Almost as numerous as the variety of flowers themselves are the uses and symbolism of them. They are used decoratively as I have indicated, to bring colour into drab surroundings, to give a sense of freshness to what may seem mundane, to give life to inert man-made structures.. Entering a room, very often it is the vase or bowl of flowers which first catches the eye. The chamber in which flowers have a place is one where the people who live in it have warm personalities, or so we feel. Some-one cares about more than mundane affairs; there is a soul which regards beauty as at least as important as toil.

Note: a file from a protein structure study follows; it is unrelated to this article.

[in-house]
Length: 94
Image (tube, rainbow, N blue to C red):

But flowers are also used as messengers. “Go lovely rose, tell her who wastes her self and me….” wrote the lover as he despatched the token to his sweetheart. No doubt, at a later date, he waited at the chancel as she walked up the aisle, attended by young bridesmaids whose tresses were adorned with flowers. Carrying a bouquet herself, she came to him as his bride.

Perhaps during later years he would present her with a bunch of flowers in apology for some misdemeanour, maybe to confirm a tiff had ended and harmony was restored. Friends visiting to look upon the new born child would bring a bouquet for the mother to show they shared her joy. Finally, at the end of her life, he or others would place blossoms on the coffin and flowers round the grave, the blooms replacing words which were too painful to articulate, feelings too deep to be expressed verbally.